Schumann described Brahms’ music as “poetry one would understand without knowing the words …” and his playing as “transform[ing’ the piano into an orchestra”.
The Op.52 and 52a Liebeslieder waltzes fit within the description quite well.
Straight after the works’ publication in 1858, the well-known Viennese critic Eduard Hanslick wrote: “Brahms and the Waltz! One is stupefied by the elegance of the page on which these 2 words are written together. Brahms the serious, the taciturn, the true younger Brother of Schumann, writing waltzes! And yet, he is so northern, so protestant, so unworldy … Some of these appear to be melodic Viennese waltzes, but many more possess the spontaneous equilibrium of the Landler. In these we find the distant echo of Schubert and Schumann”.
It is also perfect chamber music. A beguiling set of 18 pieces, each relatively short and encompassing a range of musical moods set to witty texts full of energy, irony and humour, the waltzes (literally, love-song dances) were written quickly and the composer referred to them as “pretty concert pieces” to his publisher. There are simple stories, passionate outbursts, brooding melancholy, and songs of deep devotion.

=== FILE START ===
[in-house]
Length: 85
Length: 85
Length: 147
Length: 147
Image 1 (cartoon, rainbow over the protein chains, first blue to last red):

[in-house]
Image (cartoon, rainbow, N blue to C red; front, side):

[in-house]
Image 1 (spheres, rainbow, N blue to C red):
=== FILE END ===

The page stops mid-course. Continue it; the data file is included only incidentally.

There are 2 versions – the 4-hand version is performed much less often than the 4-hand-plus-SATB-ensemble version, so come and be inspired by the internationally recognized twin-sister piano duo on the evening of 2 September!
In the meantime, listen to this great interpretation with singers (including the rather incomparable Kathleen Ferrier).